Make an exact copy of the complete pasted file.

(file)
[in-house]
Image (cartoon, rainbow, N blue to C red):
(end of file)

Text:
[in-house]
Image (cartoon, rainbow, N blue to C red):